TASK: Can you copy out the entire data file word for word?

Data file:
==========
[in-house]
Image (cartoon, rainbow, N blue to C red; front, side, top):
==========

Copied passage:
[in-house]
Image (cartoon, rainbow, N blue to C red; front, side, top):